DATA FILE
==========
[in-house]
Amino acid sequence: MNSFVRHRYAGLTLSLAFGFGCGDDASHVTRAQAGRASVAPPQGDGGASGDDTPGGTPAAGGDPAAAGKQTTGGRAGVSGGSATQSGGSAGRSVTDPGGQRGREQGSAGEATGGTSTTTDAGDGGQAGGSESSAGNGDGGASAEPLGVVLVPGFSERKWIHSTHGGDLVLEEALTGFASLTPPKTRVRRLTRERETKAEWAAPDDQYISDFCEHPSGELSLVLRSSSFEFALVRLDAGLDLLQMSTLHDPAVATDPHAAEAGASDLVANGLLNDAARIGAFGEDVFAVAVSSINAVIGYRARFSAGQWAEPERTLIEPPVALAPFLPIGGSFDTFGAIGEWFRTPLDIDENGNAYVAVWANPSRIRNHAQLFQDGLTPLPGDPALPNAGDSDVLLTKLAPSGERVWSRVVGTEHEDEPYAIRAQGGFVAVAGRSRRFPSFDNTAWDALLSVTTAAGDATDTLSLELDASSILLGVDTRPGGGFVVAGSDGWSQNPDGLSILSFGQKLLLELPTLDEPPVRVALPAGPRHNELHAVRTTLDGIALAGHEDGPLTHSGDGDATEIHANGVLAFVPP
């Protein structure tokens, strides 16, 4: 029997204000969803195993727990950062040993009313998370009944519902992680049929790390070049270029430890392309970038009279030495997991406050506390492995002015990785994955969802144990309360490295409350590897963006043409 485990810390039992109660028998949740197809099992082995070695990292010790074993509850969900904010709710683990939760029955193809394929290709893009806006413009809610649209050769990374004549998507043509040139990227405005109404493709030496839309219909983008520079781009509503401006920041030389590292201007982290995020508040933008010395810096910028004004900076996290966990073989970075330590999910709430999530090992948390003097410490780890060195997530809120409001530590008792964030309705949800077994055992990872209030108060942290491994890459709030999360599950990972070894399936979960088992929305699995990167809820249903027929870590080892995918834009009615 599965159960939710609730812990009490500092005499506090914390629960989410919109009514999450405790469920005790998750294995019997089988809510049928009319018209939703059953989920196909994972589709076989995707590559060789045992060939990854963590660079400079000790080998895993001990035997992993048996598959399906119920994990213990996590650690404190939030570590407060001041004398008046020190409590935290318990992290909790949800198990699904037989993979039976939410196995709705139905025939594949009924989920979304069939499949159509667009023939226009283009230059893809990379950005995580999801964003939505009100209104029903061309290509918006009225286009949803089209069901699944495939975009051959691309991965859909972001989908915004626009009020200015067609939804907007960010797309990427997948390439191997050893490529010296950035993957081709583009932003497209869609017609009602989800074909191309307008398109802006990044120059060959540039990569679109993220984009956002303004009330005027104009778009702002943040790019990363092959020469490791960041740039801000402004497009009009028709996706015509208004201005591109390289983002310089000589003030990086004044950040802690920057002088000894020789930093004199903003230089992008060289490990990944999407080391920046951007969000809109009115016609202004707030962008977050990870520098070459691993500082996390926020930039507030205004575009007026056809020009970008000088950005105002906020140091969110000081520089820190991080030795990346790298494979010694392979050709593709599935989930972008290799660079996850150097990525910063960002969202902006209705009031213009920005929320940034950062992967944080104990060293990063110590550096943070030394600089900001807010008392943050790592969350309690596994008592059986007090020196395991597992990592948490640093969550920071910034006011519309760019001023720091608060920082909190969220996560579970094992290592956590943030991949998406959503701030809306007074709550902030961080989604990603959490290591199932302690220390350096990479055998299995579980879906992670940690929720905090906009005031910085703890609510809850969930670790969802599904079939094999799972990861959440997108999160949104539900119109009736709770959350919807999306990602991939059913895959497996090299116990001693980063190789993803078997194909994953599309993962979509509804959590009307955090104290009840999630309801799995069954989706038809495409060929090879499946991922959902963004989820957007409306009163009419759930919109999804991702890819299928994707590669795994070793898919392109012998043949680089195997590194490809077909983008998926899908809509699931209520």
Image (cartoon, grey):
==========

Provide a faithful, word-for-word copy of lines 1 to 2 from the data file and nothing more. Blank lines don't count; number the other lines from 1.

[in-house]
Amino acid sequence: MNSFVRHRYAGLTLSLAFGFGCGDDASHVTRAQAGRASVAPPQGDGGASGDDTPGGTPAAGGDPAAAGKQTTGGRAGVSGGSATQSGGSAGRSVTDPGGQRGREQGSAGEATGGTSTTTDAGDGGQAGGSESSAGNGDGGASAEPLGVVLVPGFSERKWIHSTHGGDLVLEEALTGFASLTPPKTRVRRLTRERETKAEWAAPDDQYISDFCEHPSGELSLVLRSSSFEFALVRLDAGLDLLQMSTLHDPAVATDPHAAEAGASDLVANGLLNDAARIGAFGEDVFAVAVSSINAVIGYRARFSAGQWAEPERTLIEPPVALAPFLPIGGSFDTFGAIGEWFRTPLDIDENGNAYVAVWANPSRIRNHAQLFQDGLTPLPGDPALPNAGDSDVLLTKLAPSGERVWSRVVGTEHEDEPYAIRAQGGFVAVAGRSRRFPSFDNTAWDALLSVTTAAGDATDTLSLELDASSILLGVDTRPGGGFVVAGSDGWSQNPDGLSILSFGQKLLLELPTLDEPPVRVALPAGPRHNELHAVRTTLDGIALAGHEDGPLTHSGDGDATEIHANGVLAFVPP